in addition to the possible violations of Rule 1-310 [Forming a Partnership With a
Non-Lawyer], Rule 1-400 [Advertising and Solicitation], Rule 1-600 [Legal Services
Programs], Rule 3-300 [Avoiding Interests Adverse to a Client] and Rule 3-310 [Avoiding
the Representation of Adverse Interests]. In spite of the above violations, the State Bar
does little to enforce these existing rules against those violating them, both lawyers and
Needs of consumers
Unless we can, as a profession, meet the current and future needs of consumers of legal
services, we will become irrelevant as a profession as we know it. A new class of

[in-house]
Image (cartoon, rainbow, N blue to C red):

"lawyers" will merge to fill client demands and needs and their economic
concerns. Students will be going to law schools and graduating with the necessary legal
skills and then going to work for various multidisciplinary practices, (passing bar exams
but not being sworn in by courts, thereby not being burdened by arcane rules having little
relevance to themselves, their partners, their employers or clients being served). Only
lawyers practicing before some courts will be licensed (take the oath), at least until
changed by legislation or international treaties entered into with other countries.
The future path
What should we do - change the rules?
Yes! We should change the rules.
At a minimum, the existing rules should be changed and refocused to meet the needs of
consumers of legal services.
Those aspects of the existing rules which focus on "turf protection" should
be eliminated. The more troubling aspect is the bar's failure to enforce the current
rules. It is duplicitous for the bar to have rules which are ignored, unenforced or very